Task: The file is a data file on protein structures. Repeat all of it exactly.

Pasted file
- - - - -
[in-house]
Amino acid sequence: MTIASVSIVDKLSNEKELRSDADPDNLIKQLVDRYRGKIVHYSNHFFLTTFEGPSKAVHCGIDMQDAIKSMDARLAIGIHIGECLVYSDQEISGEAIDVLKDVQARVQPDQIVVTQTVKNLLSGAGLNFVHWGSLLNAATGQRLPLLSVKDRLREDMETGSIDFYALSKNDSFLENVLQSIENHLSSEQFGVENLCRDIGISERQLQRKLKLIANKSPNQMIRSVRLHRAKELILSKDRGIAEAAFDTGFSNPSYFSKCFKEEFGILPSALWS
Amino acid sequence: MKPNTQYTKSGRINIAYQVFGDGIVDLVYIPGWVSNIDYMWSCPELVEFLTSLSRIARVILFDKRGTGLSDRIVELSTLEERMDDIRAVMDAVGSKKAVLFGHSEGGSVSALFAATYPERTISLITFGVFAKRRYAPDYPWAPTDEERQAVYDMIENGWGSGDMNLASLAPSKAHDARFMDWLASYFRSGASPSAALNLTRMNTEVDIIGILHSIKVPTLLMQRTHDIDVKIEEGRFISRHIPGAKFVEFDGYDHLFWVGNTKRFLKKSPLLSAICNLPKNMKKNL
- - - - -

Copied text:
[in-house]
Amino acid sequence: MTIASVSIVDKLSNEKELRSDADPDNLIKQLVDRYRGKIVHYSNHFFLTTFEGPSKAVHCGIDMQDAIKSMDARLAIGIHIGECLVYSDQEISGEAIDVLKDVQARVQPDQIVVTQTVKNLLSGAGLNFVHWGSLLNAATGQRLPLLSVKDRLREDMETGSIDFYALSKNDSFLENVLQSIENHLSSEQFGVENLCRDIGISERQLQRKLKLIANKSPNQMIRSVRLHRAKELILSKDRGIAEAAFDTGFSNPSYFSKCFKEEFGILPSALWS
Amino acid sequence: MKPNTQYTKSGRINIAYQVFGDGIVDLVYIPGWVSNIDYMWSCPELVEFLTSLSRIARVILFDKRGTGLSDRIVELSTLEERMDDIRAVMDAVGSKKAVLFGHSEGGSVSALFAATYPERTISLITFGVFAKRRYAPDYPWAPTDEERQAVYDMIENGWGSGDMNLASLAPSKAHDARFMDWLASYFRSGASPSAALNLTRMNTEVDIIGILHSIKVPTLLMQRTHDIDVKIEEGRFISRHIPGAKFVEFDGYDHLFWVGNTKRFLKKSPLLSAICNLPKNMKKNL